Amoeboid movement

Most common mode of locomotion in eukaryotic cells

Amoeboid movement is the most common type of movement in eukaryotic cells.[1]

Amoeba proteus in motion
Amoeba engulfing a diatom

It is a crawling type of movement got by pushing out cell cytoplasm in the form of pseudopodia ("false feet"). The cytoplasm slides and forms a pseudopodium in front to move the cell forward.

This type of movement is observed in amoebae, slime molds and some other protozoans such as Naegleria gruberi,[2] as well as some cells in humans such as white blood cells. Sarcomas, or cancers arising from connective tissue cells, are particularly good at amoeboid movement, thus leading to their high rate of metastasis.

The exact mechanism is still unknown.[3][4] It involves actin-myosin molecules inside the cytoplasm.

References change

  1. Nishigami, Yukinori; et al. (2013). "Reconstruction of active regular motion in Amoeba extract: dynamic cooperation between sol and gel states". PLOS ONE. 8 (8): e70317. doi:10.1371/journal.pone.0070317. PMC 3734023. PMID 23940560.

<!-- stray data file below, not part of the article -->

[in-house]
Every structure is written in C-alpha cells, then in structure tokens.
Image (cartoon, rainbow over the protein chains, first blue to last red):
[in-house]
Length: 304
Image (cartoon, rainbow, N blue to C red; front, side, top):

2. Preston, TM; Cooper, LG; King, CA (1990). "Amoeboid locomotion of Naegleria gruberi: the effects of cytochalasin B on cell-substratum interactions and motile behavior". The Journal of Protozoology. 37 (4): 6S–11S. doi:10.1111/j.1550-7408.1990.tb01139.x. PMID 2258833.
  3. Allen R.D. & N.S. 1978. Cytoplasmic streaming in amoeboid movement. Annual Review of Biophysics and Bioengineering 7: 469–495. [1] Archived 2019-04-17 at the Wayback Machine
  4. Van Haastert, Peter J.M. & Hotchin, Neil A. 2011. Amoeboid cells use protrusions for walking, gliding and swimming. PLoS ONE 6 (11): e27532. [2]